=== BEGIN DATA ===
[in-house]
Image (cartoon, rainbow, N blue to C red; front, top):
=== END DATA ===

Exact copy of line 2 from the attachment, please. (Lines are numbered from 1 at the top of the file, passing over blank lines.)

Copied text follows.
Image (cartoon, rainbow, N blue to C red; front, top):